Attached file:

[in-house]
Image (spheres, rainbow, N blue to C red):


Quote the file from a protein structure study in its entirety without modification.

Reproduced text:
[in-house]
Image (spheres, rainbow, N blue to C red):